Kansans make a statement on value of volunteerism.
Kansans devote a lot of time to helping others.
When it comes to volunteerism, the Sunflower State ranked fourth overall nationwide, according to a study by the Corporation for National and Community Service (CNCS), a federal agency that strives to improve lives, strengthen communities and foster civic engagement through service and volunteering.
The CNCS recently reported nearly 37 percent of Kansans volunteered in 2012. The annual report showed some 808,000 volunteers gave 82.9 million hours of service in Kansas, with the value of the volunteer work estimated at a whopping $1.59 billion.
Nationwide, roughly one in four adults volunteered during the same time.
With Kansas becoming the brunt of jokes over the years due to clashes over teaching evolution and other negative publicity, national recognition of Kansans' kindness is all the more welcome.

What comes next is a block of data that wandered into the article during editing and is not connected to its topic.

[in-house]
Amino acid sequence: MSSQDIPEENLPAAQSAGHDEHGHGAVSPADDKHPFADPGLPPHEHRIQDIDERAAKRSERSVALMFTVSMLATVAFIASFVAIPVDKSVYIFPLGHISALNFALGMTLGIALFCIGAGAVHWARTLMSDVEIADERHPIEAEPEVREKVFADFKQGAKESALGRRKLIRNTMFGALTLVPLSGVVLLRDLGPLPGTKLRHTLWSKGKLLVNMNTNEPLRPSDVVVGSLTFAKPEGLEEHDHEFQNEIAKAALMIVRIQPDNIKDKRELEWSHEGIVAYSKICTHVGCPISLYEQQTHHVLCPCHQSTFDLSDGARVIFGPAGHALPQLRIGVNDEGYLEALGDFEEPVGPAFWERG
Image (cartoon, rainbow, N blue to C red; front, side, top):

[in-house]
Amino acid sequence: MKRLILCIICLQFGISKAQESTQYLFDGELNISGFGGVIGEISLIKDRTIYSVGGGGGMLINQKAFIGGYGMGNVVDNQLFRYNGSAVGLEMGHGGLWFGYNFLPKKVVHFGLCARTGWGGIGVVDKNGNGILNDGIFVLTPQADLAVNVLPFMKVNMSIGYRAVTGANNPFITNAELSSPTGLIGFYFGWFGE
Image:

Consider the holiday season an ideal time to celebrate the support from people who still find time to help others in today's busy world.
Many groups and organizations depend on such assists. Imagine, for example, the American Red Cross working to meet an ongoing demand for blood without volunteer donors willing to help year-round.
And, what if we didn't have an army of helpers delivering Meals on Wheels to the elderly and other homebound residents?
Some of the best local events also depend on volunteers. The Tumbleweed Festival, Garden City Community College Endowment Auction and Wild Affair fundraiser for Lee Richardson Zoo are among many volunteer-driven events that improve local quality of life.
Countless other volunteer efforts benefit hospitals, churches and schools.
While the list could go on and on, it's also worth noting that organizers of fundraisers, events and other endeavors often find themselves short on assistance. More good volunteers always are needed.
Volunteerism has a way of boosting personal morale and community pride. Such generosity, thankfully, hasn't gone out of style in a state where helping others comes second nature to many.
Thanks to those who lend a hand — or plan to do so in the future — for making Finney County and the rest of Kansas a better place to live.